Televangelism leads to insularity
That’s the title of an insightful opinion piece by John I. Carney, city editor of the Times-Gazette (Shelbyville, Tennessee). Apparently in response to the recent events at Oral Roberts University, Carney writes:
The normal model for televangelism is that you ask your viewers for money, either directly or by selling them various books, videos and collateral products. This requires that you convince your viewers that what you are doing is unique and potentially world-changing. It requires you to convince your viewers that you are specially qualified to wield this tool. What happens at this point is that you begin tailoring your message towards the people who are most likely to give you money. You resist anything that would offend them, and in some cases you have consultants advising you on how best to cultivate them.
So, instead of changing the world, televangelism becomes the ultimate form of preaching to the choir. And it’s usually the ultimate in non-challenging preaching. If there is righteous anger, it’s directed, not at the viewers, but at some supposed external enemy — secular humanism, or depraved Hollywood, or the opposite political party. You’re not really changing the world, because your whole message is directed towards the people who are already within the circle.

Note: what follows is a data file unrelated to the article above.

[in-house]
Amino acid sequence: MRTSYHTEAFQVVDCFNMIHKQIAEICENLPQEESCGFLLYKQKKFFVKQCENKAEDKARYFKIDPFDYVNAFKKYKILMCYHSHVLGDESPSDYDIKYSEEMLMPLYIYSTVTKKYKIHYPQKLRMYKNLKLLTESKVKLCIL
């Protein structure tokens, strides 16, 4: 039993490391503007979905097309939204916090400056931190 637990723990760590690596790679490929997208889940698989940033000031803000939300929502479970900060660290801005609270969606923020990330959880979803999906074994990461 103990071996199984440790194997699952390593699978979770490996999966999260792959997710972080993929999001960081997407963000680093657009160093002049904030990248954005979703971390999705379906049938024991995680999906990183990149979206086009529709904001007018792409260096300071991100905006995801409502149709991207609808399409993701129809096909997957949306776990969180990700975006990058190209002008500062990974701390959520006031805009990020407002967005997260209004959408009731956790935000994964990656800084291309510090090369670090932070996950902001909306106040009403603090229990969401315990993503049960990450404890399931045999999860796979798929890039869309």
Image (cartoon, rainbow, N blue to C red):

Along the way, the self-aggrandizement required to beg for money becomes a tempting narcotic. You begin to believe your own publicity. If you have bought into the prosperity doctrine — an unhealthy fixation on material possessions as evidence of God’s provision and blessing — you may think that your increasing wealth is a sign of your approval in the eyes of God.
The Trinity Foundation, led by Ole Anthony, is used to being in the news — usually in quotes regarding the shenanigans of TV preachers and their, er, ‘ministries.’ But lately independent media outlets and blogs have also turned the spotlight on the foundation and its founder.